Meeus M, Ickmans K, Struyf F, Kos D, Lambrecht L, Willekens B, Cras P, Nijs J
Department of Rehabilitation Sciences and Physiotherapy, Faculty of Medicine and Health Sciences, Ghent University, Ghent, Belgium
Kelly Ickmans is a research fellow of ME Research UK. The study was funded by a research grant ME Research UK awarded to the Vrije Universiteit Brussel, Brussels, Belgium. Jo Nijs is holder of the Chair ‘Exercise immunology and chronic fatigue in health and disease’ funded by the European College for Decongestive Lymphatic Therapy, the Netherlands.
The current study had two objectives: (1) to compare objective and self-report measures in patients with chronic fatigue syndrome (CFS) according to the 1994 Center for Disease Control (CDC) criteria, patients with multiple sclerosis (MS), and healthy controls, and (2) to contrast CFS patients who only fulfill CDC criteria to those who also fulfill the criteria for myalgic encephalomyelitis (ME), the 2003 Canadian criteria for ME/CFS, or the comorbid diagnosis of fibromyalgia (FM).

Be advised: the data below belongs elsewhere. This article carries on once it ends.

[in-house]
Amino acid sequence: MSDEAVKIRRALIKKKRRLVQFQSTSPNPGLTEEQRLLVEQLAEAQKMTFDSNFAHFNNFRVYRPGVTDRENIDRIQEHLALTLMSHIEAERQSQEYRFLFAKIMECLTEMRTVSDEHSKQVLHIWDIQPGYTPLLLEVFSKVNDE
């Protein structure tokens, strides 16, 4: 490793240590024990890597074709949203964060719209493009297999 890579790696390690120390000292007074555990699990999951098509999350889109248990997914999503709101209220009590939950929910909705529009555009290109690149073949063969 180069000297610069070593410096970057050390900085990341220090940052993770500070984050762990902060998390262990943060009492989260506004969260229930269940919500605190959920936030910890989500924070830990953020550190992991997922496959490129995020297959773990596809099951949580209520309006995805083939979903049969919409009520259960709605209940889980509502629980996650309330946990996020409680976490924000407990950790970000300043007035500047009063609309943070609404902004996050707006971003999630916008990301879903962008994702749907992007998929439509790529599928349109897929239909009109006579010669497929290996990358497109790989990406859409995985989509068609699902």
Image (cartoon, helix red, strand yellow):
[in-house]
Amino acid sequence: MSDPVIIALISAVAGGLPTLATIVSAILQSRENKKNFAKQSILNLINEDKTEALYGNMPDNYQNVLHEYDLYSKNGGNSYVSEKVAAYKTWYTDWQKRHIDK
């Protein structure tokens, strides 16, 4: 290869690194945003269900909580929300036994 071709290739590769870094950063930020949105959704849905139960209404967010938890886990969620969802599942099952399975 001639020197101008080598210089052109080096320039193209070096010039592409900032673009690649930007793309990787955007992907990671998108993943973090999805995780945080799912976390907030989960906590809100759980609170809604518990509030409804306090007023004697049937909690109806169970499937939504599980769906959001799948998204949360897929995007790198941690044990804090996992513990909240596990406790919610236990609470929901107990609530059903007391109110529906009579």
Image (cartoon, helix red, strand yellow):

One hundred six participants (48 CFS patients diagnosed following the 1994 CDC criteria, 19 MS patients, and 39 healthy controls) completed questionnaires assessing symptom severity, quality of life, daily functioning, and psychological factors. Objective measures consisted of activity monitoring, evaluation of maximal voluntary contraction and muscle recovery, and cognitive performance. CFS patients were screened whether they also fulfilled ME criteria, the Canadian criteria, and the diagnosis of FM.
CFS patients scored higher on symptom severity, lower on quality of life, and higher on depression and kinesiophobia and worse on MVC, muscle recovery, and cognitive performance compared to the MS patients and the healthy subjects. Daily activity levels were also lower compared to healthy subjects. Only one difference was found between those fulfilling the ME criteria and those who did not regarding the degree of kinesiophobia (lower in ME), while comorbidity for FM significantly increased the symptom burden.
CFS patients report more severe symptoms and are more disabled compared to MS patients and healthy controls. Based on the present study, fulfillment of the ME or Canadian criteria did not seem to give a clinically different picture, whereas a diagnosis of comorbid FM selected symptomatically worse and more disabled patients.